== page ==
Some of you may be wondering when exactly autism was recognised as a disorder. When did the disorder known as autism first become noticeable? The term “autistic” was initially used in the first decade of the 20th century to describe the symptoms of those with the disorder. Eugen Blueler coined the phrase “schizophrenia symptoms” in 1912.
The term “autism” was not coined for diagnostic purposes until 1943. Dr. Leo Kanner created the word “autism” to describe a person with social and emotional difficulties in the first known case of autism. Psychiatrists had previously observed patients with autism-like symptoms and diagnosed them with schizophrenia. Dr. Kanner eventually applied the autism diagnosis to eleven of his patients, but the story eventually begins with Donald Triplett.
Who Was The First Person To Be Diagnosed With Autism?
For the first time, autism was identified in a person named Donald Triplett. In 1933, he was born into a family in Forest, Mississippi. In their little town, everyone knew and admired him and his family. Donald had already been institutionalised prior to his autism diagnosis. At the time, this was rather usual for kids with mental illness diagnosis. When a child is diagnosed with a behavioural condition, parents are often advised to institutionalise them.
Donald was taken from his house in Forest and placed in a facility in Sanatorium, Mississippi, almost 50 miles away. His mom and dad were only permitted to visit once a month. At the age of three, Donald was placed in the institution where he stayed for a whole calendar year.
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His relatives worried about him since he became more reclusive while he was there. His parents, against the advice of his doctors, returned him home after a year at the facility. The two of them were bound and determined to discover the truth for Donald and themselves.
Whom Did Donald’s Parents Find To Seek Help From?
Donald’s parents started consulting with experts to better understand what was best for their kid. In the process of looking, they found Dr. Leo Kanner. Dr. Kanner was a renowned child psychiatrist and a respected professor at Johns Hopkins.
Donald’s father sent Dr. Kanner some notes he had written about his observations with regard to Donald’s behavioural features during the initial evaluation. You can see the tweet below in which it is said that Donald Triplett was the first to be diagnosed with autism.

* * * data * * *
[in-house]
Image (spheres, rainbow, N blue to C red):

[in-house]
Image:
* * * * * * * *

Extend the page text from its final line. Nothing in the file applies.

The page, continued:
In case anyone is curious, his name is Donald Triplett! ^^ pic.twitter.com/d5EyInnFpf
— RainyTalesVA (@RainyTalesVA) February 25, 2023
These very detailed notes were very helpful for Dr. Kanner in figuring out the language and patterns of behaviour that fit with the diagnosis of autism. The doctor described him as “happiest when left alone,” “drawing into a shell and living inside himself,” and “oblivious to anything around him.”
What Were The Observations Of Dr. Kanner?
Dr. Kanner had his own impressions of Donald after meeting him in person. He noticed that Donald’s language was explosive and seemed unrelated. He talked about himself in the third person, repeated words and phrases that were said to him, and told people what he wanted by saying that they wanted it. You may also check the official tweet by PBS North Carolina below in which “In a Different Key,” story of Donald Triplett, premeired on 13th December, 2022.
Donald Triplett was the first diagnosed case of autism in 1943. One filmmaker’s decision to meet Donald leads her on a journey of love, difference and the fight to belong.
“In A Different Key” premieres Tuesday, December 13th at 9 PM on PBS NC and streaming. #DifferentKeyPBS pic.twitter.com/a1VLjKqP5v
— PBS North Carolina (@MyPBSNC) December 9, 2022
Dr. Kanner repeatedly referred to the term “autistic,” which had been coined by Eugen Blueler many years before to characterise his own patients’ behaviours. He termed these findings as autistic disruptions of affective interaction. In The Nervous Child, Dr. Kanner wrote about what he had learned about autism. He gave details about behaviour patterns and things he noticed that were same in all eleven patients he looked at.
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